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Title: The investigation of microbial denitrification processes for the removal of nitrate from water using bio-electrochemical methods and carbon nano-materials
Author: Alharbi, Njud Saleh F.
Awarding Body: Swansea University
Current Institution: Swansea University
Date of Award: 2012
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With ever increasing regulation of the quality of drinking water and wastewater treatment, there is a need to develop methods to remove nitrogenous compounds from water. These processes are mediated by a variety of micro-organisms that can oxidise ammonia to nitrate, and then reduced to gaseous nitrogen by another set of organisms. This two stage process involves the relatively slow oxidation of ammonia to nitrate followed a relatively fast reduction of nitrate to nitrogen. Nitrate reduction normally requires anaerobic environments and the addition of organic matter to provide reducing power (electrons) for nitrate reduction. In practical situations the nitrate reduction can be problematic in those precise quantities of organic matter to ensure that the process occurs while not leaving residual organic matter. The aim of this study was to investigate microbial denitrification using electrochemical sources to replace organic matter as a redactant. The work also involved developing a system that could be optimised for nitrate removal in applied situations such as water processing in fish farming or drinking water, where high nitrate levels represent a potential health problem. Consequently, the study examined a range of developments for the removal of nitrate from water based on the development of electrochemical biotransformation systems for nitrate removal. This also offers considerable scope for the potential application of these systems in broader bio-nanotechnology based processes (particularly in bioremediation). The first stage of the study was to investigate the complex interactions between medium parameters and their effects on the bacterial growth rates. The results proved that acetate is a good carbon source for bacterial growth, and therefore it was used as an organic substrate for the biological process. High nitrate removal rate of almost 87% was successfully achieved by using a microbial fuel cell (MFC) enriched with soil inocula with the cathodes cells fed with nitrate and the anode fed with acetate. The maximum power density obtained was 1.26 mW/m2 at a current density of 10.23 mA/m2. The effects of acetate, nitrate and external resistance on current generation and denitrification activity were investigated, and the results demonstrated that nitrate removal was greatly dependent on the magnitude of current production within the MFC. Increase of acetate (anode) and nitrate (cathode) concentrations improved the process, while increasing external resistance reduced the activity. Furthermore, for a clear understanding of the nitrate reduction process, the analysis of the associated bacteria was performed through biochemical tests and examination of morphological characteristics. A diversity of nitrate reducing bacteria was observed; however a few were able to deliver complete denitrification. Pure cultures in MFC were examined and the voltage output achieved was about 36% of that obtained by mixed cultures. The nitrate removal gained was 56.2%, and this is almost 31% lower than that obtained by the mixed bacterial experiment. In an attempt to improve the MFC, modifications to the electrochemical properties of the electrode were investigated through the use of a cyclic voltammetry using carbon nanomaterials to coat the graphite felts electrodes. Among all the nanomaterials used in this study, graphitised carbon nanofibres (GCNFs) was selected for further investigation as it offered the best electrochemical performance and was thought to provide the largest active surface area. The performance of the MFC system coupled with the GCNFs modified electrodes was evaluated and significant improvements were observed. The highest voltage output achieved was about 41 mV with over 95% nitrate removal. The work is discussed in the context of improved MFC performance, potential analytic applications and further innovations using a bio-nanotechnology approach to analyse cell-electrode interactions.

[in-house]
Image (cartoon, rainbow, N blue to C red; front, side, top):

Supervisor: Not available Sponsor: Not available
Qualification Name: Thesis (Ph.D.) Qualification Level: Doctoral
EThOS ID:  DOI: Not available
Keywords: Denitrifying bacteria ; Drinking water--Purification ; Nanostructured materials